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Mavranezouli I.,University College London | Mayo-Wilson E.,University College London | Mayo-Wilson E.,Center for Clinical Trials and Evidence Synthesis | Dias S.,University of Bristol | And 5 more authors.
PLoS ONE | Year: 2015

Background: Social anxiety disorder is one of the most persistent and common anxiety disorders. Individually delivered psychological therapies are the most effective treatment options for adults with social anxiety disorder, but they are associated with high intervention costs. Therefore, the objective of this study was to assess the relative cost effectiveness of a variety of psychological and pharmacological interventions for adults with social anxiety disorder. Methods: A decision-analytic model was constructed to compare costs and quality adjusted life years (QALYs) of 28 interventions for social anxiety disorder from the perspective of the British National Health Service and personal social services. Efficacy data were derived from a systematic review and network meta-analysis. Other model input parameters were based on published literature and national sources, supplemented by expert opinion. Results: Individual cognitive therapy was the most cost-effective intervention for adults with social anxiety disorder, followed by generic individual cognitive behavioural therapy (CBT), phenelzine and book-based self-help without support. Other drugs, group-based psychological interventions and other individually delivered psychological interventions were less cost-effective. Results were influenced by limited evidence suggesting superiority of psychological interventions over drugs in retaining long-term effects. The analysis did not take into account side effects of drugs. Conclusion: Various forms of individually delivered CBT appear to be the most cost-effective options for the treatment of adults with social anxiety disorder. Consideration of side effects of drugs would only strengthen this conclusion, as it would improve even further the cost effectiveness of individually delivered CBT relative to phenelzine, which was the next most cost-effective option, due to the serious side effects associated with phenelzine. Further research needs to determine more accurately the long-term comparative benefits and harms of psychological and pharmacological interventions for social anxiety disorder and establish their relative cost effectiveness with greater certainty. © 2015 Mavranezouli et al. This is an open access article distributed under the terms of the Creative Commons Attribution License, which permits unrestricted use, distribution, and reproduction in any medium, provided the original author and source are credited. Source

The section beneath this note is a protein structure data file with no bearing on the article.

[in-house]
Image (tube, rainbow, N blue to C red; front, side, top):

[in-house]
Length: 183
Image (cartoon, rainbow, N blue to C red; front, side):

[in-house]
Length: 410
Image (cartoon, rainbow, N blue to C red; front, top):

Mayo-Wilson E.,Center for Clinical Trials and Evidence Synthesis | Imdad A.,SUNY Upstate Medical University | Junior J.,Harvard University | Dean S.,Albert Einstein Medical Center | And 2 more authors.
BMJ Open | Year: 2014

Objective: Zinc deficiency is widespread, and preventive supplementation may have benefits in young children. Effects for children over 5 years of age, and effects when coadministered with other micronutrients are uncertain. These are obstacles to scale-up. This review seeks to determine if preventive supplementation reduces mortality and morbidity for children aged 6 months to 12 years. Design: Systematic review conducted with the Cochrane Developmental, Psychosocial and Learning Problems Group. Two reviewers independently assessed studies. Meta-analyses were performed for mortality, illness and side effects. Data sources: We searched multiple databases, including CENTRAL and MEDLINE in January 2013. Authors were contacted for missing information. Eligibility criteria for selecting studies: Randomised trials of preventive zinc supplementation. Hospitalised children and children with chronic diseases were excluded. Results: 80 randomised trials with 205 401 participants were included. There was a small but non-significant effect on all-cause mortality (risk ratio (RR) 0.95 (95% CI 0.86 to 1.05)). Supplementation may reduce incidence of all-cause diarrhoea (RR 0.87 (0.85 to 0.89)), but there was evidence of reporting bias. There was no evidence of an effect of incidence or prevalence of respiratory infections or malaria. There was moderate quality evidence of a very small effect on linear growth (standardised mean difference 0.09 (0.06 to 0.13)) and an increase in vomiting (RR 1.29 (1.14 to 1.46)). There was no evidence of an effect on iron status. Comparing zinc with and without iron cosupplementation and direct comparisons of zinc plus iron versus zinc administered alone favoured cointervention for some outcomes and zinc alone for other outcomes. Effects may be larger for children over 1 year of age, but most differences were not significant. Conclusions: Benefits of preventive zinc supplementation may outweigh any potentially adverse effects in areas where risk of zinc deficiency is high. Further research should determine optimal intervention characteristics and delivery strategies. Source


Oud M.,Trimbos institute | Mayo-Wilson E.,Center for Clinical Trials and Evidence Synthesis | Braidwood R.,University College London | Schulte P.,Treatment Center for Bipolar Disorders | And 5 more authors.
British Journal of Psychiatry | Year: 2016